Tesla’s Long-Awaited Cybertruck: What to Expect
The electric-powered angular pickup truck appears to be from the future, with its scratch- and dent-resistant metal body giving it a sleek yet peculiar appearance against most commercial trucks.
Tesla is no stranger to lavish product reveals and cult followings of fans. It is why the hype managed to persist despite multiple delays since its 2019 reveal. Here is what you can expect from the now-in-production Tesla Cybertruck.
Tesla Cybertruck. Image used courtesy of Tesla
What Are the Cybertruck’s Specs?
To understand the Cybertruck craze, it is essential to unpack it. The selling point of the Cybertruck is its impact- and bulletproof exoskeleton. It is made of stainless steel and Tesla’s own armor glass for an outer shell capable of withstanding environmental stressors and wear and tear.
It has a toughness promising to keep passengers and drivers as safe as possible – the exterior promises to dent or corrode rarely. Tesla boldly asserted if there were better materials on the market, they would have used them to make the Cybertruck instead.
The main difference between this EV and Tesla’s other offerings is its size and hauling capabilities. It touts a 3,500-pound carrying capacity with a locking tonneau and can pull up to 14,000 pounds in attached weight. It has adaptive air suspension, making rolling equipment on and off the bed easy.
Stylized photos make it shine as the perfect family camper and moving van all at the same time. It has enough room to fit six riders and has a sleek leather interior. Tesla claims its battery can travel 500 miles on a single charge despite its weight, theoretically minimizing range anxiety in EV truck drivers.
How Has Growth Looked for the Cybertruck?
EV adoption is projected to reach 45% by 2030-2035 in the United States, and the Cybertruck is only helped by this growth. Data mining suggests around 1,940,000 reservations have hit Tesla’s books since the truck’s announcement — almost doubled from May 2021. Tesla made it easy to seal a spot, only requiring a $100 refundable deposit. In the last two years, it averages to around 1,100 daily reservations for a car buyers were not even sure would hit the market.
Image used courtesy of Tesla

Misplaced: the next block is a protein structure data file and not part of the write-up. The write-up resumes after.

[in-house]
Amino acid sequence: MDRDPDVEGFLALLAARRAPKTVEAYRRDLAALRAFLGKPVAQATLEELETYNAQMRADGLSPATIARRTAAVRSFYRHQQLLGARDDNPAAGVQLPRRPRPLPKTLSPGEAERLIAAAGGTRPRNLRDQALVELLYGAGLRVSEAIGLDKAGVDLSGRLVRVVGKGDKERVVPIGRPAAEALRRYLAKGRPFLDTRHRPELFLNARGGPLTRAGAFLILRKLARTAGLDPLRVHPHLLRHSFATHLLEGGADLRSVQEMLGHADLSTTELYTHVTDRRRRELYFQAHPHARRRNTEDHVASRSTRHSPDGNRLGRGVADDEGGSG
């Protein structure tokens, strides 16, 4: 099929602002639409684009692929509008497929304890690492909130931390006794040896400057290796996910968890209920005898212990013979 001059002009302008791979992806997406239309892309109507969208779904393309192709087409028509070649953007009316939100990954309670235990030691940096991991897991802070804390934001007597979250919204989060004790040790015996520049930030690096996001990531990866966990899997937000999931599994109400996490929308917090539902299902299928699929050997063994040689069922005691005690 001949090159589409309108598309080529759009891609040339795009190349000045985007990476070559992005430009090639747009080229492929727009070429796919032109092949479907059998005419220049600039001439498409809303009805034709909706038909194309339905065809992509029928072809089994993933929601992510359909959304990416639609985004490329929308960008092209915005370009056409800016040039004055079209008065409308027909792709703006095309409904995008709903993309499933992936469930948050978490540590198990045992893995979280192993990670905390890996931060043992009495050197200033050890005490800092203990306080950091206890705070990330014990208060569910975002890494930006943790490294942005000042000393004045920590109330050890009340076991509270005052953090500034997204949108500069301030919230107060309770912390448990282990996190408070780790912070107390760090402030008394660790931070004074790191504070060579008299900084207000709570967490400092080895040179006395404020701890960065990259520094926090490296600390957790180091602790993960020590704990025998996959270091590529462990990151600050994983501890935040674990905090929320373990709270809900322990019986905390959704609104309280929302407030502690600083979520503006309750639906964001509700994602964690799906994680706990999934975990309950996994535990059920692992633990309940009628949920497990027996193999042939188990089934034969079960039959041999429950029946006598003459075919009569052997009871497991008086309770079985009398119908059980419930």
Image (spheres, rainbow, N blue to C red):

Tesla soon ventured into the semi-truck realm rather than residential pickups. Government incentives from the Inflation Reduction Act may have motivated Tesla to ramp up production, as consumers crave the tax breaks on EVs.
International buyers contributed to the vehicle’s preorder success, even when the car was only slated as a North American exclusive. It is to the point where Elon Musk is considering adjusting specs to align with European safety guidelines.
Production will roll out in earnest at the beginning of 2024, with test models arriving before the end of 2023. Getting the Cybertruck on public roads as soon as possible is crucial, mainly because practical and cultural roadblocks hinder its potential.
Is the Cybertruck Immune to Challenges?
Timing is the first concern. Even if Tesla employs all the power in its Texas-based gigafactory, it can only pump out 375,000 Cybertrucks yearly, making early reservers wait even longer for their new ride. The number does not account for incoming reservations since their most recent booking window opening.
The Cybertruck’s design is avant-garde — a stylistic choice atypical of the market’s associated target audience of heavy-hauling trucks. Early interest is enough to gain short-term headlines, but it is hard to tell if the car’s design will appeal to the masses when it becomes a staple on dealership lots. Ford EV sales have had a growth rate of 139% with their classic designs and brand familiarity. Will Ford, Dodge, and Toyota fans be convinced to move from a comfortable, fossil-fuel model to an innovative EV alternative?
Copious manufacturing and logistical delays abound in the Tesla Cybertruck’s narrative. From disruptive noise and vibrations to braking issues, leaked documents in 2023 made investors question the stability of its development. Consistent postponements were not all due to factors outside Tesla’s control — some were internal, technical failings from the car’s design and construction.
Image used courtesy of Tesla
COVID-19 supply chain disruptions did not help the cause, but as the media focuses less on these influences, buyers pay more attention to how it impacts their wallets. Industry experts question if these documents threaten its release even more, as scared investors could pull funds from the delicate project.
The wait times could make more than investors pull from their commitment. It is easy for the average consumer to get their $100 refundable deposit back, funneling that into another EV they could have five years sooner.
Will 1,100 Reservations Equal 1,100 Sales?
The Tesla Cybertruck may have garnered early interest, especially with its inexpensive reservation down payment. However, the timetable for rolling out new models feels arduous and high pressure. It is difficult to tell whether Tesla will amp up production to meet demand or if they expect fans to remain dedicated to their reservation.
Once the van truck is on the road, it could skyrocket interest or reveal numerous performance inadequacies. Hopefully, it illuminates how larger electric vehicles will run in a newly decarbonized transportation sector for a healthier, more sustainable future.